Due to the COVID-19 pandemic and sectoral changes that have been ongoing for decades, communities across the United States face a unique set of challenges, especially related to income, skills and health disparities. The New England Regional Project on Economic Development (NERPED) seeks to address these challenges faced by communities in the New England area, especially communities experiencing persistent extreme poverty. We are doing this through two main projects, funded through a $500,000 USDA grant.

Essential Employment and Racial Disparities of COVID

COVID-19 has differentially impacted communities, vocations, and minority groups, but especially essential workers. Using rich mortality data from several states in New England, NERPED is documenting the differences in mortality between these different groups and how this will affect the economic outlook of communities.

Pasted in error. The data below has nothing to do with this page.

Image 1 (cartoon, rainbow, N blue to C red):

Skill Gaps: Connecting regional skill sets to jobs of the future

To better understand how to improve future employment matching, NERPED is identifying skill gaps caused by the pandemic and lockdowns. We are doing this by working through chambers of commerce and business associations to identify skills that have been difficult to fill, as well as using second databases to pinpoint the skills for each job and the corresponding demand for these skills. Once this data has been cataloged, we will create a web portal for the public and provide information to governments, job centers, workforce development agencies, and social services. The project is currently focused on the New England area, but we aim to expand the scope to include the entire United States in the near future.


Project Leads

Nathan Fiala, Agriculture and Resource Economics, CAHNR
Thomas Krumel, USDA Economic Research Service

Project Researchers

Rui Sun, Economics, UConn
Corey Goodrich, Institute for Collaboration on Health, Intervention, and Policy (InCHIP), UConn

NERPED is made possible with support from: